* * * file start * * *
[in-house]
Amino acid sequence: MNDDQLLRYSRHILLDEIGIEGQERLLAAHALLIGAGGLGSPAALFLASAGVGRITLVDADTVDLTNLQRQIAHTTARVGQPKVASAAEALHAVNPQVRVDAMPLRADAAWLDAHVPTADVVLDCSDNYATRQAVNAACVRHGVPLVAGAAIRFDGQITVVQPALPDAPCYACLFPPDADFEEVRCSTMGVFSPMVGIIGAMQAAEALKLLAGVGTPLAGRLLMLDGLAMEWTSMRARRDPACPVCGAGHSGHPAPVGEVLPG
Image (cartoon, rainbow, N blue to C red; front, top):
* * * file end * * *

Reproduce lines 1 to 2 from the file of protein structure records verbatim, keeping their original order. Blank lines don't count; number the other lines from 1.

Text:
[in-house]
Amino acid sequence: MNDDQLLRYSRHILLDEIGIEGQERLLAAHALLIGAGGLGSPAALFLASAGVGRITLVDADTVDLTNLQRQIAHTTARVGQPKVASAAEALHAVNPQVRVDAMPLRADAAWLDAHVPTADVVLDCSDNYATRQAVNAACVRHGVPLVAGAAIRFDGQITVVQPALPDAPCYACLFPPDADFEEVRCSTMGVFSPMVGIIGAMQAAEALKLLAGVGTPLAGRLLMLDGLAMEWTSMRARRDPACPVCGAGHSGHPAPVGEVLPG